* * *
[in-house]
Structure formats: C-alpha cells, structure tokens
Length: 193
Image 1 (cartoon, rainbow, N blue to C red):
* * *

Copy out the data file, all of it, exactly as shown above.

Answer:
[in-house]
Structure formats: C-alpha cells, structure tokens
Length: 193
Image 1 (cartoon, rainbow, N blue to C red):